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A Vintage Vantage Point

Franklin Hills is a diverse yet neighborly community displaying a collage of architectural styles.

September 28, 1997|LINDA BETH MOTHNER | SPECIAL TO THE TIMES; Linda Beth Mothner is a Los Angeles freelance writer

Patricia Jimenez's home-buying story is the perfect take on the American dream.

The 37-year-old physician's assistant in a cardiovascular unit grew up in Franklin Hills, a neighborhood at the southern end of Los Angeles' Los Feliz district. She lived with her family of Costa Rican immigrants in a 900-square-foot house on the community's flattened edge.

As a child, she and her brothers or aunt walked the winding streets and played a game of giving fanciful names to the houses they passed. One was the "Snow White house" and another was "the Mission house," because of its bell tower.

Actually owning a home in Franklin Hills always seemed unattainable, Jimenez thought, and until two years ago a two-story, three-bedroom International-style house for sale on Hollyvista Avenue had escaped her notice.

Then, guided by a friend, a Realtor who know about the listing, she and her partner, Gina Degirolamo, entered its sunny living room. "This was the 'Wow!' house," recalled Degirolamo, 34, a cinematographer.

Gazing out onto the panorama that includes a large swath of Griffith Park and her favorite place since childhood, the observatory, Jimenez added: "You don't feel like you are in the middle of the city. It's so quiet. That is what is neat about it. I call it 'my village view.' "

So Jimenez and Degirolamo, who had been on the brink of leaving Los Angeles, chose instead to make the city an extension of their living room.

What especially captivated the couple was all the glass and light that seemed to make the 1,800-square-foot house even larger. In addition, a large, enclosed backyard--great for their two dogs--was another plus. By putting the minimum down, they found a way to buy the $278,500 house.

Situated east of Vermont Avenue and west of Silverlake Boulevard, Franklin Hills is bounded by Franklin Avenue on the north, Fountain and Hyperion avenues on the south, Tracy Street on the east and Talmadge Street on the west.

Landmarks from the early days of the movie industry are everywhere in the hillside haven of 1,500 homes and apartments. For example, at the north end of Talmadge Street is the Spanish-Italian villa once owned by silent screen star Norma Talmadge. And Vitagraph Studios, the earliest occupant of the corner of Prospect Avenue and Talmadge Street, has become the Disney-owned ABC Television Center.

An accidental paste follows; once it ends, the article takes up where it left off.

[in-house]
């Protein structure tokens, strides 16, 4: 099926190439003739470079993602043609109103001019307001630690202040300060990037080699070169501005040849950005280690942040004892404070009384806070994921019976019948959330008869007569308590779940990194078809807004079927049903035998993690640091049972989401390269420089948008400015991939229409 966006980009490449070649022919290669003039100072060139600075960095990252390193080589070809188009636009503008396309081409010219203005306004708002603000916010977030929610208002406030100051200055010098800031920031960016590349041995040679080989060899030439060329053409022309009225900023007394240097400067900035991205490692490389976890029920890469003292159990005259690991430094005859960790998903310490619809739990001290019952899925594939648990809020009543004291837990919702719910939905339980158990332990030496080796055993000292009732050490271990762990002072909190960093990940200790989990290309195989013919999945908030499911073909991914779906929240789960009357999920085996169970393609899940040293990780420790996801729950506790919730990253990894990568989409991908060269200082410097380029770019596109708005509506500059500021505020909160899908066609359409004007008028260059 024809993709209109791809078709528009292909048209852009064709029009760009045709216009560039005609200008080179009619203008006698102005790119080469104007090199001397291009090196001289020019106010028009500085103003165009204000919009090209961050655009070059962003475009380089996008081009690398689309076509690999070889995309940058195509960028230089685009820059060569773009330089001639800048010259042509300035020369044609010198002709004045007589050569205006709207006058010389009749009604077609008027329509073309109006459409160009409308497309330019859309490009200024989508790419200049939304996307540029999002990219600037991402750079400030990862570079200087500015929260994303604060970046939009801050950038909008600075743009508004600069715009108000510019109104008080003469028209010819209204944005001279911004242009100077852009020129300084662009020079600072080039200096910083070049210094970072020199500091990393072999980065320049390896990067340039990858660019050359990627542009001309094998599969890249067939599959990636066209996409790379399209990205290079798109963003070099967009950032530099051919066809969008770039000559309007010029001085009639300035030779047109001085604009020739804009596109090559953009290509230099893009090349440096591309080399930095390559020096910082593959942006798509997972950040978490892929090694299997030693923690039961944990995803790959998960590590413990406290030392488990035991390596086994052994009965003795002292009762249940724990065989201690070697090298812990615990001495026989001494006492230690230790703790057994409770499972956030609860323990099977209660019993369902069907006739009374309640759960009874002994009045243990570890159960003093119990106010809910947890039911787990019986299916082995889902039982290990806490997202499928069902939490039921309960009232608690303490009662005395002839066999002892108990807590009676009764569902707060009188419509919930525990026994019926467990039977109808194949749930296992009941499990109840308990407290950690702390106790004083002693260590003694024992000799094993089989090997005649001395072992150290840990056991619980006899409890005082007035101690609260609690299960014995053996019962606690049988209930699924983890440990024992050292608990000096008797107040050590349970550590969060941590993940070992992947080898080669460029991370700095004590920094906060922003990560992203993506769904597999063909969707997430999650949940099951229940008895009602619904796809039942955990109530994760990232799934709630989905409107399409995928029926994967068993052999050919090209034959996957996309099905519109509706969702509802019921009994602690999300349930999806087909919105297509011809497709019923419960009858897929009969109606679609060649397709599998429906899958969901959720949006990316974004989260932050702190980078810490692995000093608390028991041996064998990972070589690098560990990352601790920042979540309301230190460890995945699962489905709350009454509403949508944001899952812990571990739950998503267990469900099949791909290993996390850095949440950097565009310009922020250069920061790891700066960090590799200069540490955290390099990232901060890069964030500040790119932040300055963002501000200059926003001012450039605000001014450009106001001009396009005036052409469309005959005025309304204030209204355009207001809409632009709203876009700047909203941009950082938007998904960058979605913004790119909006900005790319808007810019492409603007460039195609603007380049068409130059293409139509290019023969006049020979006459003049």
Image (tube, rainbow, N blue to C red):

Shakespeare Bridge

Running east along Franklin Avenue, the neighborhood's Gothic 71-year-old Shakespeare Bridge is a beloved reminder of a time when architecture was fanciful as well as utilitarian. Fourteen stone stairways that were built into the hillsides for public access during the 1930s are another reminder of a bygone era.

The neighborhood is a collage of architectural styles that span seven decades. However, in contrast to the many mansions of the neighboring Los Feliz area, the lots are smaller and the homes are less expensive.

Home prices generally increase as houses rise higher on the hill, said Karen Weiss, an agent for Fred Sands. At the same time, she said, "You can have a $200,000 house next to a $400,000 house. Prices can change a lot within blocks."

A 1950s two-bedroom, one-bath entry-level home on one of the lower streets can cost $200,000, Weiss said.

A high-end home known as "The Castle" recently sold for $500,000. Built in the late '20s, the Spanish-style house takes up two lots and has a large swimming pool, she said.

The diversity of Franklin Hills is also expressed in its population. Artists and writers have historically called the neighborhood home, as have behind-the-camera workers in the movie business.

"The things that are done [in the neighborhood] are done with a little bit of flair, a little bit of difference. Nothing is cookie-cutter up here," said resident Arnie Netka, director of purchasing for the Port of Los Angeles.

In 1975, he and his wife, Sue, a teacher at Franklin Avenue Elementary School, were looking for a home with character when they discovered a house with an English Tudor look.

"We never got past the living room," said Arnie Netka of the couple's immediate decision to buy the 2 1/2-story house built in 1932. "It was big and high-ceilinged. We liked the bay windows, the hand-carved wooden built-ins made in England. It had everything." It was also within their price range; they paid $47,000.

Nearby Restaurants

No one in Franklin Hills fails to mention the delights of the neighborhood dining.

"It's almost as though we've gotten an embarrassment of riches in restaurants," said Marcelle Zonta of the variety of ethnic dining choices along Hillhurst Avenue.

Zonta, who works for the design arm of the Metro Rail, and her husband, Don Waldrop, a studio musician, were drawn to the neighborhood's "great old houses" when they discovered their two-bedroom, two-bath multilevel Monterey Colonial in 1970.

And although they admit that 50 steps up seems like a long way to their front door, they believe it is a small price to pay.

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